Being able to cook with someone who loves to feed her family is one of my favourite past times.  I like to follow behind a good cook and while watching what they are doing, clean up and prep for them.  You can learn so much just by watching and listening.  Often times they are more than willing to share with you all that they know.

The Cooking Master is no different.   I came home with tips and tricks galore.  She is the second person I have seen whose recipe book is actually an index card box.  This really sparked my interest and I liked how easy it was.  There was less risk of me wrecking the book if I spilled something and it was easier to manage an index card than an entire book.  I think this might be on my list of things to do next week.

The morning I offered to make french toast for breakfast, The Cooking Master chuckled as I pulled out a frying pan. “You’ll be at it forever if you use that,” she told me and directed me towards her counter top grill.  I quickly realized that when cooking for thirteen people, you go through about a loaf and a half of bread.  I was very grateful for the grill.

When Christmas morning arrived and I opened my very own counter top grill, my imagination took off.  When we got home, I whipped out this bad boy and reveled in how easy it was to cook breakfast.  Not having to squeeze bacon, eggs and hash-browns into my medium and large frying pans was heaven and my boyfriend laughed at my oooh’s and ahhh’s.  When I pulled it out for dinner, we were treated to a delightfully grilled salmon seasoned with McCormick Garlic and Herb Seasoning Mix, accompanied by scalloped potatoes and seasoned California vegetables.  For me, not having to wait an hour and a half or cook with any butter or oil, made this a highly desirable cooking utensil.  Cooking with my new grill gave us fantastic salmon in under fifteen minutes; turkey bacon was even faster.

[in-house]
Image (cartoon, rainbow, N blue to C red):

As if that wasn’t enough, I received a silicone pig puppet/potholder and a fresh herb grinder, “for those who shouldn’t use knives”,  my friend said.  I think these gadgets are going to make cooking a lot more fun over the next few months.

The Art of Shopping

Navigating the Grocery Jungle

I’m probably one of a few women who dislikes shopping. While I enjoy new things, I’m too overwhelmed by the shopping experience. I don’t enjoy crowds; and because I am cautious with my money I like to take my time, making me a self-conscious shopper.

So I created some rules for successful grocery shopping. What makes a successful grocery trip? If I leave the store in a relatively short period of time, not ready to tear my hair out, within or under budget, without forgetting a critical item, I consider myself successful.

Rule 1: The early bird survives the experience.

Early mornings are my favourite time to shop. Any time before 9am you should have shorter line-ups, a quieter store, fully stocked shelves, and none of those people who suddenly stop in front of you expecting that you can see their break lights.

Rule 2: Preparation = Success

As with most things in life it’s always best to go prepared. My shopping list is written in a purse sized, spiral bound note-book which is easy to carry and sturdy enough to write on. I have my list on one side and an adding column on the other and a mechanical pencil. Without a list you run the risk of forgetting something or overspending, it is also handy to have on hand for comparison shopping and your household budget.